At ages five and seven-and-three-quarters years old, my children were sleeping in matching toddler beds from IKEA. On one hand, I thought “Poor Julian. Almost eight and still sleeping in the tiny bed he got when he was three.” And on the other hand, I thought, “Kids in other countries don’t even have their own beds. It’s not a big deal.” As his birthday approached, my Western sensibilities won out and I felt strongly that it was time for a real bed.
My kids, by their own choice, share a room, and the most logical solution was to upgrade them both to bunk beds.
I coveted this twin-over-full bunk bed from Room and Board that I saw at my friend Quyen’s house, but the price tag stopped us. $1800, which does not include mattresses. Um, no.
I also had my eye on this beautiful bunkbed from Oeuf, which has a really small footprint, and because it can be “unbunked”, I began convincing myself it would last forever, even when my kids decide they want their own rooms. When Ryan heard the price, he still made a face. $1500 without mattresses. I was in favor of it, but this is a partnership, so um, no.
Soon my friends let me know that they had moved their kids into a new set of beds and had an IKEA set in their garage which I was welcome to have. The price, zero dollars, was right, and even better because it wasn’t 100% disassembled, the beds were just 27 steps away from being put together instead of the 427 steps it would have taken if we had gotten them straight from IKEA.
With my dreams of a fancy bunkbed put to rest, I turned my attention to The Big Reveal. We plotted to let our children fall asleep “camp-out” style on our playroom floor at 8 pm on the night before Julian’s birthday. With them out of the way, we would work on putting the beds together into the night so that when they went to their bedroom to get dressed in the morning, they would discover The Most Amazing Bunk Beds in the world.
I ordered mattresses and began searching for linens. I had some pretty specific ideas in mind, wanting them to be both matching and gender neutral. This is a challenge because boy bedding tends to be very boyish and girl bedding tends to be very girlish. To say I spent way too much time on this endeavor is an understatement, especially when, at the end of the day, after combing Pottery Barn Kids, Garnet Hill, The Company Store, Overstock.com, Bed Bath & Beyond, and Pinterest, what I ended up with was grey jersey sheets from Target and duvet covers from IKEA.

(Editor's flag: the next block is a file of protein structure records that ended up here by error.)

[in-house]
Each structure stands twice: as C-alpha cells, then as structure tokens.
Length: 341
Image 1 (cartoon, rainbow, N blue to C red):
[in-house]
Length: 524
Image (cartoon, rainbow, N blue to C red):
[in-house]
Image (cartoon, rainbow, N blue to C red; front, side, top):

I ambitiously imagined that I was going to “hack” the bunkbed as well, having seen these images online. I gathered the materials to execute my fantasy customization.
Alas, time ran out and the bed was revealed to two thrilled children, dressed in the bedding with which I was quite pleased and customized only with a tension rod and piece of fabric which provided the bottom bunk dweller with a privacy curtain. Victory!
This story is not over. I got even stupider as the month progressed and invited 11 kids over to our house for a playdate during a school holiday. Though we had ample activity in the backyard, they all wanted to be inside, and I did not enforce any limits on how many kids could be on the top bunk. Do you sense where this is going?
Three boys were sitting on the top bunk and one was climbing up. Three little girls were camped out underneath, enjoying the dark cave of the bottom bunk. With a crack, the wood frame of my free IKEA bunk bed broke, hurting no one, but becoming unusable and unsafe.
Now, just a week or two after assembling the bed, it was our task to disassemble and dispose of it, as well as deciding on a bed to replace it. Exactly how my husband wanted to spend another Friday night. NOT.
For the next month or so, the kids slept on their mattresses on the floor. So much for my fancy pants bedroom fantasies.
Finally, we found a happy medium with this affordable, metal-frame bunkbed set. Not free, but not thousands of dollars. After a ridiculous amount of delay and missed delivery windows, the bed arrived for our assembly pleasure, (one more Friday night of hot Allen wrench activity – the last one, I swear!)
Here’s how it looks in my house.
The children are happy with their new big kid set up and I am happy that the saga is over. Whenever I visit someone’s house who has those popular IKEA bunks, however, I feel a tinge of bitterness.